The Observer has a long piece on Peter Halley, the former head of Yale’s painting department, whose fame as an artist has waxed and waned. On the market, Halley has had solid six-figure sales in May and March of this year and last during the mid-season and day sales—all at Sotheby’s.
Not a bad comeback for an artist whose peak price was achieved at Christie’s in May 2008 when Dream Game (left) was offered for $90-120k but sold for $457,000.
Sotheby’s Scott Nussbaum, who has been making the market in Halley since, opines on the lasting appeal of Halley’s highly structured imagery:
“The prison is always going to be a relevant image, as is the cell, particularly in our digital age. And the concept that we are connected electronically is now even more true than it was in ’80s, when the imagery first emerged. These types of images reverberate continuously and powerfully to anybody who is paying attention to world events, whether it’s the stock market or riots in London.”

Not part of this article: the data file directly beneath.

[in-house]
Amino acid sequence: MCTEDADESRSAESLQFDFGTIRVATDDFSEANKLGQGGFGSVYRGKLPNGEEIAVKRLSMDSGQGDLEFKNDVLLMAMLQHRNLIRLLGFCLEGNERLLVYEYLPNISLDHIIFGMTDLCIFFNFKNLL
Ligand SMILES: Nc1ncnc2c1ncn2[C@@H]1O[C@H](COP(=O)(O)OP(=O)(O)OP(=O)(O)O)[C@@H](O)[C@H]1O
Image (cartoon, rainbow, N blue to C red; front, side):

Says the photographer Timothy Greenfield-Sanders, a longtime friend who was also a contributor to Mr. Halley’s art magazine Index (published from 1996 to 2005, and loosely modeled on Warhol’s Interview) “Peter was way ahead of his time. I think he was way ahead of the digital age. Today we take it so for granted that we have a cell phone. Everything is digital—everything is bits—and Peter was aware of that in the ’80s, when we were still getting used to fax machines.”
Peter Halley’s New Gallery in Germany (Observer)